Alright, so could eating about 2 tbsp of Almond Butter daily hinder my final goal? I head once that it is used in "bulking" only and that it could severely slow my progress for eventual fat loss. Is this true?
asked byFarrah (182)
Get FREE instant access to our Paleo For Beginners Guide & 15 FREE Recipes!
on April 18, 2013
at 06:47 PM
As long as you are taking into account of it's calories and compensating by eating less of other foods, then no it should not hinder your fat loss. I eat a tablespoon of almond butter several days a week, and personally I think that if anything it aids fat loss in the context of a well balanced, nutrient dense diet because they provide some valuable nutrients that are sometimes hard to get (ex. vitamin E and magnesium).
Now, if you're adding almond butter in addition to what you are eating before, then it will because it will be extra calories. Also, if you are eating almond butter on top of an already fat-rich diet, then it will also hinder fat loss by making it less likely you'll have the opportunity to burn your own endogenous fat stores for energy. Also, consider that they are void of omega 3 and do contain omega 6, so you'll have to get your omega 3s somewhere else.
In short then I say consider in the context of the rest of your diet. When considered alone, virtually no real, whole food will make or break your fat loss.
on April 18, 2013
at 10:27 PM
Study suggests that almonds improve glucose control and insulin sensitivity making them a sort of super-food whose calorie content should be overlooked in the grand scheme of things.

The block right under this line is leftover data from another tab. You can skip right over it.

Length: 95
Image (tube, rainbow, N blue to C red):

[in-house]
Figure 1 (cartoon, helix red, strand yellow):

In summary, inclusion of almonds in the breakfast meal of IGT adults decreased blood glucose concentrations and increased satiety acutely and after a second meal. The lipid component of the almond appears to be largely responsible for the immediate post-ingestive response, although it cannot account for the second-meal response. Overall, daylong glucose, insulin and NEFA concentrations were attenuated in the WA (whole almond) and AO (almond oil)treatments, indicating an improved hormonal profile with their consumption. Importantly, the absolute magnitude of the blood glucose-lowering response equals that achieved with acute administration of acarbose in individuals with IGT , suggesting the physiological relevance and applicability of the current findings.
One study suggested the NEFA concentration 4 hours after a test breakfast accounted for ~50% of the variability in the glycemic response to a standard lunch . We found no significant difference at this time point and do not confirm that NEFA concentrations explain second-meal metabolic differences. However, AB (Almond Butter) resulted in the lowest overall degree of NEFA suppression in the morning period and was associated with the greatest blood glucose response to the standard lunch.